April 20, 2023

The Art of the Steal: 10 hidden CFL Draft gems

Kevin Sousa/CFL.ca

“The steal of the draft.” “He’s a steal.” “I can’t believe he was still around when we picked him.”

These are all things general managers have said following a CFL Draft.

With that in mind, let’s look back through the advantage of time to see which picks could actually be called “the steal of the draft.”

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Now, what constitutes a steal?

A steal is someone who makes a considerable move up the draft board if you were to re-draft today based on what we know now, or has taken their late-round pick, most are whom are out of the league, and morphed into a regular contributor.

Now here are 10 “steals” over the last 10 years.

Kian Schaffer-Baker
Round 4 | Pick 30 | 2020

The Roughriders receiver being picked in the fourth round is absolute robbery by general manager Jeremy O’Day in Saskatchewan. Kian Schaffer-Baker had all the physical intangibles you could want in a player and may have been one of the few on this list that had people claiming “steal of the draft” at the time he was selected and now it’s come to fruition.

He was the team’s top rookie and top Canadian in the first two years of his career, and there’s more expected.

Kurleigh Gittens Jr.
Round 3 | Pick 23 | 2019

Kurleigh Gittens Jr. had an excellent 2022 campaign, earning him the East Division’s Most Outstanding Canadian nod (Kevin Sousa/CFL.ca)

If there is a debate between who is the top Canadian receiver right now it’s between the first two players on this list. Kurleigh Gittens Jr. needed some time, but did he ever become a household name in the CFL in 2022. When you look back, he was the seventh receiver taken in the draft.

Want to guess how many above him have 1,000-yard seasons? ZERO!

Nick Hallett
Round 7 | Pick 61 | 2019

He’s not an All-Star player but Nick Hallett is one of those extremely late round picks who has found himself a decent role and two Grey Cup rings to go along with it. The Bombers are seeing him play more on defence, while still holding it down on special teams as well.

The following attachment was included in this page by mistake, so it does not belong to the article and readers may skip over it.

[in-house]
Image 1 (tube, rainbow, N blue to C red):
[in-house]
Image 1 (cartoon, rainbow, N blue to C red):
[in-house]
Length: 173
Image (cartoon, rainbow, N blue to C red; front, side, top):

Justin Lawrence
Round 5 | Pick 39 | 2018

Justin Lawrence was an offensive lineman every general manager would have had on their free agent list this off-season. Before that, however, all nine general managers skipped on Lawrence until Calgary selected him in the fifth round. He’s found a home at centre with an East Division All-star nod in 2022 and Montreal is happy to have him to solidify their offensive line.

Tunde Adeleke
Round 3 | Pick 25 | 2017

Tunde Adeleke has become one of the best safeties in the CFL (Kevin Sousa/CFL.ca)

Like Gittens Jr., it’s hard to have a guy at 25th overall on this list but if you were re-drafting today, the safety would easily be a first round selection in 2017, if not a top three, or heck, maybe No. 1 overall. Although, Cameron Judge would likely have something to say about that.

Sean Thomas Erlington
Round 8 | Pick 66 | 2017

How many eighth round picks have nine touchdowns in their CFL career? Well, considering the CFL didn’t even have eight rounds in the draft before 2016, it’s telling that Thomas Erlington is a unicorn to be able to be as productive as he has been. His over six-yards per carry has me eager to see Thomas Erlington get a better chance to be a lead back, though it doesn’t look like that will happen.

Kwaku Boateng
Round 5 | Pick 41 | 2017

I’m hoping Kwaku Boateng can get back from injury and become the dynamic pass rusher we saw in Edmonton. The fact that the Elks were able to pick up a player who can gather 25 sacks in four years in the fifth round is quite impressive.

David Menard
Round 4 | Pick 32 | 2014

David Menard had nine sacks in 2022 in his return to BC after a year in Montreal in 2021 (The Canadian Press)

Talk about a late bloomer but my goodness, when you look back at the 2014 draft, you see Menard as a legitimate steal. There were plenty of defensive linemen taken before Menard, but he now has 35 career sacks and while he had 16 in his first six seasons, he’s had 17 in the last two.

Shane Bergman
Round 6 | Pick 48 | 2013

Shane Bergman is another offensive lineman who looking back should have been selected MUCH earlier. Bergman retired recently but carved out a great career in Calgary including an All-Star nod in 2019. He was the 13th offensive linemen selected in 2013 and in retrospect, he’d go down as a top three or four offensive linemen from that draft with Nolan MacMillan, Hunter Steward and Brett Jones, who were all selected in the first two rounds.

Alex Singleton
Round 1 | Pick 6 | 2016

Okay, I saved the most controversial pick for last. But re-drafting the 2016 draft, Singleton should have been top two. He was a late addition to the draft list, but if anyone would have been paying attention to Singleton, there was no one more talented on the list.

But he ended up landing in the lap of Calgary at sixth overall. And while he was off to the NFL a few years later, everyone could have used Singleton to solidify the middle of their defence for two to three seasons.

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